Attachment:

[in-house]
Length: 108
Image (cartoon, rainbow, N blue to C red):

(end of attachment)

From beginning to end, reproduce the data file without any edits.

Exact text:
[in-house]
Length: 108
Image (cartoon, rainbow, N blue to C red):